These gas appliances may be great and may be certified by Canadian & Euro officials but you'd better check with your US insurance carrier. Doesn't matter how good it is if the insurance co will stiff you if you have one. Assuming you are US based of course and stuck with legal overkill. Thank you John Edwards
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  #23  
Old 08-10-2008
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Neat.

Quote:
Originally Posted by therapy23 View Post
Yes, I understand that CO can build up and kill but tell me, someone please, a 10 minute shower vs baking a loaf of bread in the oven. Yes, I know the head is a smaller space.
Please tell me.
Given that these units don't have a pilot light running constantly, I don't see the logic either. A boat has to be reasonably well-ventilated whenever you're using gas anyway - to minimise condensation if nothing else - but I'd love to hear the answer from an "expert".

As far as the 10-minute shower vs. baking a loaf of bread: Most nights on board down here in winter we use a flower-pot on the stove for heating. If running that every night for a half-hour or more isn't a problem, why would a water heater be?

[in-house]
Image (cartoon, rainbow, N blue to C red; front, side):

(Where's that Dog when you want him?? Probably out chasing cats again.. )
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  #24  
Old 08-10-2008
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Quote:
Originally Posted by xort View Post
These gas appliances may be great and may be certified by Canadian & Euro officials but you'd better check with your US insurance carrier. Doesn't matter how good it is if the insurance co will stiff you if you have one. Assuming you are US based of course and stuck with legal overkill. Thank you John Edwards

Yep, I am.

Good point.
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  #25  
Old 08-11-2008
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Obviously the big no no with instant gas heaters is with the pilot light. No way does any sensible person, and here I am in complete agreement with TommyT, have a gas line permanently open into their boat.